As technology is moving at a fast rate, you will also be challenged to think about what this means for society.
Software engineering undergraduates can expect the following tasks during their studies:
- writing reports and essays
- hackathons and coding competitions
- practical and creative projects
- attending lectures and seminars
- real-world projects
- hearing from industry speakers
- placements and industry experience
- project and teamwork.
What cyber certifications can I do?
If you’re not interested in studying cyber at university, there are lots of short courses to choose from.
Here are a few examples of cyber courses:
The CEH is an entry-level cyber security certification. It introduces you to the hacking tools and techniques used by real cybercriminals. Understanding how hackers think will help you to fix vulnerabilities you might have missed before.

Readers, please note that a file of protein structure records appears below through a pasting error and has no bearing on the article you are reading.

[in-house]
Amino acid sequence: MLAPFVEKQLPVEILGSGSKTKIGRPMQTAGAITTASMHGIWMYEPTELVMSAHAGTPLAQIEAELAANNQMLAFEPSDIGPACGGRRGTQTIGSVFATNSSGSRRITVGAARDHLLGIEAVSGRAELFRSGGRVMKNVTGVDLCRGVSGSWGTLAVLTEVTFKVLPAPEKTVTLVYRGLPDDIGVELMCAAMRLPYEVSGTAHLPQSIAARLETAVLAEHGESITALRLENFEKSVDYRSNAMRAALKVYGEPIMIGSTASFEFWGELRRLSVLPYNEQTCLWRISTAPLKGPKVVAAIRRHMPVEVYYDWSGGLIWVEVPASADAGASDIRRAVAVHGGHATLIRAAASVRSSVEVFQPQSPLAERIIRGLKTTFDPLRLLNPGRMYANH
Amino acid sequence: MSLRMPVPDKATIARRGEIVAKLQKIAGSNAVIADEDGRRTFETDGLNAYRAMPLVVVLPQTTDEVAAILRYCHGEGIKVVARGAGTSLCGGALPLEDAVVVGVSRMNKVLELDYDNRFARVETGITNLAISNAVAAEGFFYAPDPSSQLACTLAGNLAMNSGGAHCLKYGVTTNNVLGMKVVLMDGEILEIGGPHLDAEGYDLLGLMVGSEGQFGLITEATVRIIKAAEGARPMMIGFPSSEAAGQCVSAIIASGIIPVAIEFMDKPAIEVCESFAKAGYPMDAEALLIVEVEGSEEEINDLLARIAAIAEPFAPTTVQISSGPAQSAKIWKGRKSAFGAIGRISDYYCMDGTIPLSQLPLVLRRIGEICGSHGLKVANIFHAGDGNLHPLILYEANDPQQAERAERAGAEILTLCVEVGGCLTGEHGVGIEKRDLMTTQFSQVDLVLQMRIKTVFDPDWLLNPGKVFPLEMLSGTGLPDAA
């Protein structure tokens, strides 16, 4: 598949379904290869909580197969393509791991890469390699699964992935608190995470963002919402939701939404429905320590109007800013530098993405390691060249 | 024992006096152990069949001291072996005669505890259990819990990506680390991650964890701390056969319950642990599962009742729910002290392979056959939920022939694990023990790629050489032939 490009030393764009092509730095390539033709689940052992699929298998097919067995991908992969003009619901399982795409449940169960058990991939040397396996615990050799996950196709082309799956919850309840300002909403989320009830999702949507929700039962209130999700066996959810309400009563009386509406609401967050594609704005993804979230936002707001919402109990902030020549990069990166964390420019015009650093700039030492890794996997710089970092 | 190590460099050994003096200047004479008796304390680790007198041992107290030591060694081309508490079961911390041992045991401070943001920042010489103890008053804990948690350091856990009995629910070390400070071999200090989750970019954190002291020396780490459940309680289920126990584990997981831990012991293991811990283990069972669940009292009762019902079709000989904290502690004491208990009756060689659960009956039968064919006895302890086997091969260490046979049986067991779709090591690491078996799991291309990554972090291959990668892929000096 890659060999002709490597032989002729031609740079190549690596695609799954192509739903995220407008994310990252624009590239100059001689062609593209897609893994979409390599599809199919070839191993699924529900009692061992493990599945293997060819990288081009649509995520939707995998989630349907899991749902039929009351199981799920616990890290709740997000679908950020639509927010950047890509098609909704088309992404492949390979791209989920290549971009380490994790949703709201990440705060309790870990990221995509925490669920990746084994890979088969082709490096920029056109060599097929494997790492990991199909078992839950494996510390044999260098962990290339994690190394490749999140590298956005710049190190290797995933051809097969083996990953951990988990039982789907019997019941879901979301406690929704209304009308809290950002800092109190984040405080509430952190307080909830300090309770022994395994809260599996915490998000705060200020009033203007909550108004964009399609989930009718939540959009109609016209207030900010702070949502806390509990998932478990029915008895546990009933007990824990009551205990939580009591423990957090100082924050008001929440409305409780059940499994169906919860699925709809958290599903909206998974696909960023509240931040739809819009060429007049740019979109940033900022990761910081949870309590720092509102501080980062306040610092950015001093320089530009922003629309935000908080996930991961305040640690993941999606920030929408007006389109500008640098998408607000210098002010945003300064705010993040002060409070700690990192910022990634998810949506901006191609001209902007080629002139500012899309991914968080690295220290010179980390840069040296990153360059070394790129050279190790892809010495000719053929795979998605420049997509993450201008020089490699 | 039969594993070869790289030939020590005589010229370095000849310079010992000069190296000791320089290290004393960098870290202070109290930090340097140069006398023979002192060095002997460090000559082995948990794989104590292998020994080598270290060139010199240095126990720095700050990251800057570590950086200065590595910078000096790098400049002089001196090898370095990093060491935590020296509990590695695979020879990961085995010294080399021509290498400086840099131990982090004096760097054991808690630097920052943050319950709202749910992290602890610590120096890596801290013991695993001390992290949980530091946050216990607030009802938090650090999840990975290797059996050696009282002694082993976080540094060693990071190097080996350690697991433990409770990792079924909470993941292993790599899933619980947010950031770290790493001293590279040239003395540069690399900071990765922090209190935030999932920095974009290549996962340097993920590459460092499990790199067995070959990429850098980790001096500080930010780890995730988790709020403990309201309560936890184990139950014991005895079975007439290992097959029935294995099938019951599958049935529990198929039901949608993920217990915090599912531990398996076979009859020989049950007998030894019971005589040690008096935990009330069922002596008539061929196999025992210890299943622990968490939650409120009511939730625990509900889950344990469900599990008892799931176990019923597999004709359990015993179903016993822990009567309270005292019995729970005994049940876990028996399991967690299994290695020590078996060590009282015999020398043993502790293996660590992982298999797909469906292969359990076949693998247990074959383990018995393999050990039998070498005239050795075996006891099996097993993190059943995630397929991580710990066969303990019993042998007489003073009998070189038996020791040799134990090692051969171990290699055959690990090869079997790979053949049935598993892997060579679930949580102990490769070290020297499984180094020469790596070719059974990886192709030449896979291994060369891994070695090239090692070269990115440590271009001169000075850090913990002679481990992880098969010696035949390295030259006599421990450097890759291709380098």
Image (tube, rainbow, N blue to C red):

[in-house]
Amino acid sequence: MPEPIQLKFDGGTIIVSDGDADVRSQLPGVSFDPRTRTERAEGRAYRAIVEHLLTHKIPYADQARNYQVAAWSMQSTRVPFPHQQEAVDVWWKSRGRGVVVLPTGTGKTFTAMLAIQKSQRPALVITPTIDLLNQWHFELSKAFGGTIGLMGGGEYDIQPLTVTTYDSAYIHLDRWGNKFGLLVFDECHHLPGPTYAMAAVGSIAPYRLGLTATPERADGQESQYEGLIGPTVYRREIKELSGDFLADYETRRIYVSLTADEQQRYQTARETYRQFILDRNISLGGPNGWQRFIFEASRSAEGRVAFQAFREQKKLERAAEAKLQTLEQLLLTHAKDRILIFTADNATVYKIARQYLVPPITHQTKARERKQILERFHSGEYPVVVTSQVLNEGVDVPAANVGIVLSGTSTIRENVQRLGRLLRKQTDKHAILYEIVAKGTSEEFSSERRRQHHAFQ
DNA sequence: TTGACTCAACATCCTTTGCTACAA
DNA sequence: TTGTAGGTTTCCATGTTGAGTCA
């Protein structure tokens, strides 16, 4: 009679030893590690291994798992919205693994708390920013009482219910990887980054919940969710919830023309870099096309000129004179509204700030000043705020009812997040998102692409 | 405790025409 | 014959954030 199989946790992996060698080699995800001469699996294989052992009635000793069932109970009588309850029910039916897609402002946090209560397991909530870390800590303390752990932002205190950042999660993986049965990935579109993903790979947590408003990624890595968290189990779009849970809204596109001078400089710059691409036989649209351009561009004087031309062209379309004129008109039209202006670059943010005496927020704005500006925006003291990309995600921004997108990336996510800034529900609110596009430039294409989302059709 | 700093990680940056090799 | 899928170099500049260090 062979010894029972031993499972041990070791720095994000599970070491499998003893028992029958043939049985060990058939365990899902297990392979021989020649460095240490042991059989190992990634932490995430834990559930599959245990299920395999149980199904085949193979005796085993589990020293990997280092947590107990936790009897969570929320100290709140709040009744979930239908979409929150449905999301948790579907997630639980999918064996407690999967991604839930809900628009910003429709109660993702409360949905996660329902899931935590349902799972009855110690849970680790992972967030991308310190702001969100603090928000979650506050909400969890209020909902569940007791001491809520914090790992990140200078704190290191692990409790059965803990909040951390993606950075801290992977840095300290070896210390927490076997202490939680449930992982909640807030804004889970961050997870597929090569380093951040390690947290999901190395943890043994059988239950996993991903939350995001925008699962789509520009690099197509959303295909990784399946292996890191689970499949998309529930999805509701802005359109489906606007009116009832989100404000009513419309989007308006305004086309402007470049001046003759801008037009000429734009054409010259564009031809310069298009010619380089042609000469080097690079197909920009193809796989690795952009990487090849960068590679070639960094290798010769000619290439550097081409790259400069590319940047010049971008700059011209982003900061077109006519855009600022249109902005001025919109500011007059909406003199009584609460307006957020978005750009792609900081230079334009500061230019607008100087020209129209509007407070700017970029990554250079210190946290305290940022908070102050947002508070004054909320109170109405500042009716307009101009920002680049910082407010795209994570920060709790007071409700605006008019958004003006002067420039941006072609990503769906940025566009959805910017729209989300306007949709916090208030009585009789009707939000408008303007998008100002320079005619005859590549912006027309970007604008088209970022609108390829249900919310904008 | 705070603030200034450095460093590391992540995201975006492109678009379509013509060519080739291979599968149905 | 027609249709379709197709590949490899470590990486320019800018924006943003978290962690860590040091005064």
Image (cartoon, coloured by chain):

The CISMP course lasts 5 days and is a good way to start a career in cyber security with no experience. The CISMP is a well known foundation-level qualification. A CISMP certification shows that you have a good knowledge of information security management.
ISO/IEC 27001 was created to bring information security under management control. It also gives best practices that include security, and corrective and preventive measures. The certification helps organisations stick to regulations and legal requirements for the security of information.
Security+ is a certification to show you have the key skills needed to work with core security functions. The course covers best practices in troubleshooting, giving you practical security problem-solving skills.